Ohio University’s Immersive Media Initiative (IMI) faculty and students recorded a virtual reality video experience of Australian rocker Courtney Barnett’s 2016 Nelsonville Music Festival set. The Nelsonville Music Festival is a production of Stuart's Opera House, a non-profit historic theater in Nelsonville, Ohio.
The videos for Pedestrian At Best and Nobody Really Cares If You Don't Go to the Party, available on WOUB Public Media’s YouTube page, are unveiled as a part of a partnership between the Nelsonville Music Festival, the Scripps College of Communication, the Ohio University GRID Lab and WOUB Public Media. In this partnership, MDIA students and faculty play an integral role.
The recordings feature tracks from Barnett’s critically acclaimed 2014 album “Sometimes I Sit and Think and Sometimes I Just Sit,” recorded with cutting edge equipment purchased with funds from a major Innovation Grant awarded to the IMI earlier this year for the development of virtual and augmented reality projects. Barnett was nominated for a Best New Artist Grammy in 2015 and headlined night one of the Nelsonville Music Festival shortly after her performance on the season finale of Saturday Night Live.
When viewed with a 360-degree enabled browser or commercial VR headsets, a viewer can watch Barnett and her band rip through renditions of “Pedestrian at Best” and “Nobody Really Cares If You Don’t Come to The Party” at all angles – including shots taken from directly behind the band. If you don’t have a VR headset or a Cardboard viewer, the video is best viewed on the You Tube app on a smartphone with headphones. The phone can then be moved in all directions to get the stage and/or crowd experience. For laptop viewing, use Google Chrome as your browser to have the ability to look around in 360. If using a Google Cardboard, hit the Cardboard icon on YouTube to enable stereoscopic viewing.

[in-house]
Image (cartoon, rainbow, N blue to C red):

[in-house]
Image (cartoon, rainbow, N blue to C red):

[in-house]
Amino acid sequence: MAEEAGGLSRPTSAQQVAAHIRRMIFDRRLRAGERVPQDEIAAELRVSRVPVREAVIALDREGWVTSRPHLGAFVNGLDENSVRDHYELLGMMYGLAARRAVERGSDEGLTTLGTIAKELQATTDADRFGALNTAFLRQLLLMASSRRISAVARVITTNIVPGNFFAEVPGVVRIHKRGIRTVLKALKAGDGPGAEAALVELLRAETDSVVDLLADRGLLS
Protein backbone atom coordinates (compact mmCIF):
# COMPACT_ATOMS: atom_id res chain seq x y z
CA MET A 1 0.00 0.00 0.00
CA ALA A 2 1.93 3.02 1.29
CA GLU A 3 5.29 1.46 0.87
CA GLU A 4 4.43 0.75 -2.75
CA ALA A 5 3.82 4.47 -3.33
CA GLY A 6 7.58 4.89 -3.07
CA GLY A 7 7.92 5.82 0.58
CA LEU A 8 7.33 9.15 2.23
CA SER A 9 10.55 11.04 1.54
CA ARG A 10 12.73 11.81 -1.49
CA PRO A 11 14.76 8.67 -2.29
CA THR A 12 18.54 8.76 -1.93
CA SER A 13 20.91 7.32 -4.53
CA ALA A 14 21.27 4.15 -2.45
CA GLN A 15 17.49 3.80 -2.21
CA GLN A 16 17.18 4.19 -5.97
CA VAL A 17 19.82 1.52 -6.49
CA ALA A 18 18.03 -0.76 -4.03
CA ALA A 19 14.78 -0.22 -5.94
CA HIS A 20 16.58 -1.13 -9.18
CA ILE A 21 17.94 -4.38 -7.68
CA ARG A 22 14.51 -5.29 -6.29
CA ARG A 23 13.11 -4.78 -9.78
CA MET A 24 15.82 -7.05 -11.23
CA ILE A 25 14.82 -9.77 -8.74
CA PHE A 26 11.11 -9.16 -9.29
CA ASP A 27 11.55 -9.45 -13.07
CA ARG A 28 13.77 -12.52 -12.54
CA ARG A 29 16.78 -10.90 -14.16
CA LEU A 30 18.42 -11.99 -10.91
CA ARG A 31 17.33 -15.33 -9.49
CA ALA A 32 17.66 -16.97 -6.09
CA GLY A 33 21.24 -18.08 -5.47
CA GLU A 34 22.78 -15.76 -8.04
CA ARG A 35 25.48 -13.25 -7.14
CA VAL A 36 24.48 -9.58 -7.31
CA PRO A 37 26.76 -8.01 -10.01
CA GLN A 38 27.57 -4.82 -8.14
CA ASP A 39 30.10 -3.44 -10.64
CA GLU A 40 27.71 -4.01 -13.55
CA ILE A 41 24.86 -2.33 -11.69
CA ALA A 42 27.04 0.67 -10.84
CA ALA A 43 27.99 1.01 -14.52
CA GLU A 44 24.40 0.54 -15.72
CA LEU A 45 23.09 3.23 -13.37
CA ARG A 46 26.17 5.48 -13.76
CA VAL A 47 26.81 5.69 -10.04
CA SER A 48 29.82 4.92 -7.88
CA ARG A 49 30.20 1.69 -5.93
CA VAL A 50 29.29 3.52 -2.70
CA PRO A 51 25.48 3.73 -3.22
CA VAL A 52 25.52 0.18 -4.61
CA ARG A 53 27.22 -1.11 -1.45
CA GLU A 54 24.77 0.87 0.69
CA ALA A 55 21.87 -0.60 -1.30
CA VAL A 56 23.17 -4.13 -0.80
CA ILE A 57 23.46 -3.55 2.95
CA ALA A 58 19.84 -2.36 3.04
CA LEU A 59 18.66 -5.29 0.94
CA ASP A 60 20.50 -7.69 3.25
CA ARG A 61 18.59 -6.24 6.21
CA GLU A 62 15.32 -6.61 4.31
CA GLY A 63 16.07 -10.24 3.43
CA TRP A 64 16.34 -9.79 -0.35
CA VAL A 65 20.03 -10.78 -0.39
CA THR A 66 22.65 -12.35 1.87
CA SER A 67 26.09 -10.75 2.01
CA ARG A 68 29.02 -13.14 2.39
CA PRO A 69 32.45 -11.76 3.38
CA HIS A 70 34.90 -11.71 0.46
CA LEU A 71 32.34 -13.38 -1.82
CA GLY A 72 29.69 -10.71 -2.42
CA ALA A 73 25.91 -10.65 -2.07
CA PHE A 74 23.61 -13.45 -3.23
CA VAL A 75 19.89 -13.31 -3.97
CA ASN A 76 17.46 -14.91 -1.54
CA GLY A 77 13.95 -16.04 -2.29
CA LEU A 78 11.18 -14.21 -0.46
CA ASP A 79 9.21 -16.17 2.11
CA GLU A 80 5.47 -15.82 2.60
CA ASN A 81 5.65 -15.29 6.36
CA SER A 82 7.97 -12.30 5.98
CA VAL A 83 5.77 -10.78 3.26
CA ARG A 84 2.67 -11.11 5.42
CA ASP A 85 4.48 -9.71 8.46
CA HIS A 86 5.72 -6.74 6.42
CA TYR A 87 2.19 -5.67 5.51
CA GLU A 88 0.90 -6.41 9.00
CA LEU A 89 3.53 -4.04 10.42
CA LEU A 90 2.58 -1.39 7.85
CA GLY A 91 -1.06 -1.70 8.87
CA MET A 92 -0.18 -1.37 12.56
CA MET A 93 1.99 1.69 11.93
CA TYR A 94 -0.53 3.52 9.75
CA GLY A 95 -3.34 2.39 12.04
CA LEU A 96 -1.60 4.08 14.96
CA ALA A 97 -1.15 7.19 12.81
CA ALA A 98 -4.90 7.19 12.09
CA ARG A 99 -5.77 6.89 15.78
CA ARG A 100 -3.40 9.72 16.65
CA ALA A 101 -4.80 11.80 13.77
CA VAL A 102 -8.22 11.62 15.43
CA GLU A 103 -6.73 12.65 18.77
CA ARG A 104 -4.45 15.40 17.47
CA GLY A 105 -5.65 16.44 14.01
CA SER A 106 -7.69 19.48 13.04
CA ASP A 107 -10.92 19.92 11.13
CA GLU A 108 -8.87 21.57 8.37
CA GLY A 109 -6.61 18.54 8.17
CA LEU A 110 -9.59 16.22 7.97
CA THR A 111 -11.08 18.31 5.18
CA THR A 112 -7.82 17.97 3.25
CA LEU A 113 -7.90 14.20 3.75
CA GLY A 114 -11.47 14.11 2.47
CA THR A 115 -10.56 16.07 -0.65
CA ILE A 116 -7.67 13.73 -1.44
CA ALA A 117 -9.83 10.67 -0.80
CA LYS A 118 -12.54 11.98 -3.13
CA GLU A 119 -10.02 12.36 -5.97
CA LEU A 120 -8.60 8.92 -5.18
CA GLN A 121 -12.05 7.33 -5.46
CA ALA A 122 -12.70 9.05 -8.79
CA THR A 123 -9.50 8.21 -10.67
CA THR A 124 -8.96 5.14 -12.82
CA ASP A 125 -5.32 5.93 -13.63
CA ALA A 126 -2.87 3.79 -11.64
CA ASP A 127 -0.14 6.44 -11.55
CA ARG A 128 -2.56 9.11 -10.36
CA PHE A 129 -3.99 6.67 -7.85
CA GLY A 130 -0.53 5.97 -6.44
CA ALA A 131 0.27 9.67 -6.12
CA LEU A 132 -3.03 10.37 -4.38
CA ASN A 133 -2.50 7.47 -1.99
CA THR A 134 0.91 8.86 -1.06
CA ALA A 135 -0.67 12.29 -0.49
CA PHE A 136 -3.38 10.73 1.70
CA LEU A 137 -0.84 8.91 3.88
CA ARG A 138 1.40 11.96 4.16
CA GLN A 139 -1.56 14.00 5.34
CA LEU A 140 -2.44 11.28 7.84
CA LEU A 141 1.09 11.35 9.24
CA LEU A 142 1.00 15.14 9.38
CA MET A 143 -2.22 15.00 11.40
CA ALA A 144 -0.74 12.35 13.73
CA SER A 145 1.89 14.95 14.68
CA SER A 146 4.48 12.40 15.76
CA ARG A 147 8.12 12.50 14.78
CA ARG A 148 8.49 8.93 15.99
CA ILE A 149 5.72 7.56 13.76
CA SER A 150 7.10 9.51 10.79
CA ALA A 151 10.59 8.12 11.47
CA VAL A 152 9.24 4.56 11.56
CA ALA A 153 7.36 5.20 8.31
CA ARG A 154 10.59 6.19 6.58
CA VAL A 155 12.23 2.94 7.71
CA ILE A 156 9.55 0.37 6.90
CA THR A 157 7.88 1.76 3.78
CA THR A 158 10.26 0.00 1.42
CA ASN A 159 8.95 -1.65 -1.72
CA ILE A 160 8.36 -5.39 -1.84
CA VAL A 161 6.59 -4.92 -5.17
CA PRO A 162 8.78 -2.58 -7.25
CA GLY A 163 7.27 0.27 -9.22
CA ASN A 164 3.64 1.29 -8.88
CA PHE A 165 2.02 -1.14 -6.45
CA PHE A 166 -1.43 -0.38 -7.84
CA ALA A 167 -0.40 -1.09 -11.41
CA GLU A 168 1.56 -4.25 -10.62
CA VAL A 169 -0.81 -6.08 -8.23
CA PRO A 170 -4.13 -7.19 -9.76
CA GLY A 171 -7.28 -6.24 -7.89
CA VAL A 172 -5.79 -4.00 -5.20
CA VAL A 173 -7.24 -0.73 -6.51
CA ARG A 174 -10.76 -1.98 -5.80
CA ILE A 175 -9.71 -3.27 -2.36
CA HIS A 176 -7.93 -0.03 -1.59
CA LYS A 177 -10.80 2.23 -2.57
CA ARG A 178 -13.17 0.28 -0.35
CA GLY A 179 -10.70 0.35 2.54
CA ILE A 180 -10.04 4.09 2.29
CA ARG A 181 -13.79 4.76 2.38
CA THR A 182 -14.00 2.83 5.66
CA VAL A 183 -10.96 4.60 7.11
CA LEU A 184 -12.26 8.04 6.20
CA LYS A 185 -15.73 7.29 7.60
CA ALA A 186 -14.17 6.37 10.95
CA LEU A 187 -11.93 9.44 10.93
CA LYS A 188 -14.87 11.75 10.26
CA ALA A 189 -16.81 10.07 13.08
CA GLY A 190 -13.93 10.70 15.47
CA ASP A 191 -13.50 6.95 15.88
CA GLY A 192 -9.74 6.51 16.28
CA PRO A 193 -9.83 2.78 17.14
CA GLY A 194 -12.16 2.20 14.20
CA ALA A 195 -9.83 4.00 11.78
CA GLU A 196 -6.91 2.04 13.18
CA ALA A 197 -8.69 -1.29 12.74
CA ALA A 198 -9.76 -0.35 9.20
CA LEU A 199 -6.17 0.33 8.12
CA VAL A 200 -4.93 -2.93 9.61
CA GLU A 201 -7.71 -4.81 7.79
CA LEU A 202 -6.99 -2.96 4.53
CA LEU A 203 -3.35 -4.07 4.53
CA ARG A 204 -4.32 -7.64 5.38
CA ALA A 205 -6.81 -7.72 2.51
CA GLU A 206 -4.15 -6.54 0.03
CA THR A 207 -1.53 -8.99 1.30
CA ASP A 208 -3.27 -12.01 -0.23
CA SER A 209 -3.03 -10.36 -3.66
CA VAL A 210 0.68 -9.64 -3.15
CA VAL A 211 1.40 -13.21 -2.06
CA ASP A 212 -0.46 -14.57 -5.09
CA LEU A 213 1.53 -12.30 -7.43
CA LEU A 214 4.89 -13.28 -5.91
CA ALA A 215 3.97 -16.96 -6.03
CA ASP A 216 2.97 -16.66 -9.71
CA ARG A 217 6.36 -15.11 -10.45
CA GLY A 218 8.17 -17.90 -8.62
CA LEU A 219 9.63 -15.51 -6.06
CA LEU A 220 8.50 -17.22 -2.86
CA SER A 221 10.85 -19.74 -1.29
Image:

“This project is one of many that the IMI has pitched and is currently working on,” said Josh Antonuccio, a co-director with the Immersive Media Initiative as well as a lecturer at Ohio University’s School of Media Arts and Studies. “As a part of their very first virtual reality class, 12 students were given technology purchased with the innovation grant to shoot this video.” Along with fellow IMI directors Eric Williams and John Bowditch, Antonuccio and the Ohio University team developed a production plan together with Barnett’s management, aiming to capture the energy of a Courtney Barnett performance for her fans to experience in VR.
“Courtney’s performance was incredible,” said Tim Peacock, executive director of Stuart’s Opera House.
Peacock said that Antonuccio approached him about recording a virtual reality set at the festival last year, long before Barnett was announced as the headliner for this year’s festival and while the technology obtained by the IMI was still under study by those involved with the program. “We’ve been talking with other major festivals about doing a virtual reality shoot, and we were honored that we could feature this kind of innovative production at a festival like NMF,” said Antonuccio. “There is an explosion of interest in how virtual reality and immersive tech will shape the interactions of fans and artists and we are now starting to see these kinds of experiences with VR in the music industry taking off.”
“I’m really pleased that Josh and his team were able to film this at Nelsonville,” said Peacock. “Virtual reality technology is something that is really picking up elsewhere so far as music festivals, and I’m excited for it to be associated with our festival. Because Nelsonville really isn’t just a really small, ‘apple pie’ style music festival. We are capable of being frontrunners in certain aspects, and embracing this technology is one of those.”
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